FabFilter Pro-L has a "transient" stage called lookahead, and a "release" stage that uses attack and release controls. The long attack times apply to the latter. In this plug-in, the attack and release are working on overall dynamics.
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MoreSpaceEcho

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Re: Wump - 23, Mastering Techniques
« Reply #17 on: July 15, 2011, 02:55:02 pm »

thanks for the explanations guys. my simple mind can understand running a mix through transformers, but that limiter thing sounds complicated! i suppose in practice it's easy to set up once you've got it sorted though.

Twerk

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Re: Wump - 23, Mastering Techniques
« Reply #18 on: July 15, 2011, 03:04:05 pm »

thanks for the explanations guys. my simple mind can understand running a mix through transformers, but that limiter thing sounds complicated! i suppose in practice it's easy to set up once you've got it sorted though.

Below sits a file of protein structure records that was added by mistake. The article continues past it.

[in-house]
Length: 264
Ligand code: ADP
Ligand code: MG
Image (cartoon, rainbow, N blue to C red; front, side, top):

It's not as complicated as it seems, and they've done a good job of limiting (pun?) the amount of controls.
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Viitalahde

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Re: Wump - 23, Mastering Techniques
« Reply #19 on: July 15, 2011, 03:14:36 pm »

It's not as complicated as it seems, and they've done a good job of limiting (pun?) the amount of controls.

Indeed, I find the Pro-L to be very intuitive, and I hate extra controls. This limiter has quickly become my to-go limiter, I use it for everything. Elephant can sometimes be technically more accurate, but the Pro-L just sounds better.
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KAyo

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Re: Wump - 23, Mastering Techniques
« Reply #20 on: July 16, 2011, 12:41:26 am »

I think this is exactly the kind of mix that either needs pretty heavy EQ or no EQ. It would be interesting to hear if anybody else found EQ to be hard to apply here.

Totally agree..